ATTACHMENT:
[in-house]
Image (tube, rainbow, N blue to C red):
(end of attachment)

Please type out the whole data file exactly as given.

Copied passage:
[in-house]
Image (tube, rainbow, N blue to C red):